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Interesting article on PyPy (P{ython's tracing JIT) by Laurence Tratt

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Interesting article on PyPy (P{ython's tracing JIT) by Laurence Tratt

Eliot Miranda-2
 
this is well written, relatively short, and extremely informative.

http://tratt.net/laurie/tech_articles/articles/fast_enough_vms_in_fast_enough_time

thanks to Bob  Westergaard for pointing it out to me. 
--
best,
Eliot

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Re: Interesting article on PyPy (P{ython's tracing JIT) by Laurence Tratt

Göran Krampe
 
On 02/09/2012 01:41 AM, Eliot Miranda wrote:
> this is well written, relatively short, and extremely informative.
>
> http://tratt.net/laurie/tech_articles/articles/fast_enough_vms_in_fast_enough_time
>
> thanks to Bob  Westergaard for pointing it out to me.

Yes, a very interesting and good article. And one aspect that he doesn't
really talk about is the fact that one gets *many* VMs on various
runtimes - not just one.

I recall when the PyPy project started and they presented it at OOPSLA
many years ago. At the time I think most people didn't think they would
"come through", but they sure did - eventually :)

regards, Göran
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Re: Interesting article on PyPy (P{ython's tracing JIT) by Laurence Tratt

David T. Lewis
In reply to this post by Eliot Miranda-2
 
On Wed, Feb 08, 2012 at 04:41:08PM -0800, Eliot Miranda wrote:
>  
> this is well written, relatively short, and extremely informative.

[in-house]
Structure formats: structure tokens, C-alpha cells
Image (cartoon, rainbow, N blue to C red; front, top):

>
> http://tratt.net/laurie/tech_articles/articles/fast_enough_vms_in_fast_enough_time
>
> thanks to Bob  Westergaard for pointing it out to me.
> --
> best,
> Eliot

This is really interesting. Once again I am amazed at how much
I do not know about this stuff, which is both refreshing and a
intimidating at the same time. I'm also reminded of one of the
nicest aspects of the Squeak VM(s). It's so completely open and
accessible that anyone can pick it up and do useful work with it,
even me.

Thanks for the link!

Dave

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Re: Interesting article on PyPy (P{ython's tracing JIT) by Laurence Tratt

Lawson English-2
In reply to this post by Eliot Miranda-2
 
On 2/8/12 5:41 PM, Eliot Miranda wrote:
 


this is well written, relatively short, and extremely informative.

http://tratt.net/laurie/tech_articles/articles/fast_enough_vms_in_fast_enough_time

thanks to Bob  Westergaard for pointing it out to me. 
--

Eliot, do you have plans to recreate the functionality of RPython to auto-generate JITs for other languages?

L.
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Re: Interesting article on PyPy (P{ython's tracing JIT) by Laurence Tratt

Eliot Miranda-2
 


On Thu, Feb 9, 2012 at 8:32 AM, Lawson English <[hidden email]> wrote:
 
On 2/8/12 5:41 PM, Eliot Miranda wrote:
 


this is well written, relatively short, and extremely informative.

http://tratt.net/laurie/tech_articles/articles/fast_enough_vms_in_fast_enough_time

thanks to Bob  Westergaard for pointing it out to me. 
--

Eliot, do you have plans to recreate the functionality of RPython to auto-generate JITs for other languages?

No.  This article confirmed David Simmons' conclusions as to the potential performance of tracing JITs, i.e. that they produce excellent performance for micro-benchmarks but overall perform poorly.  Here are some key quotes: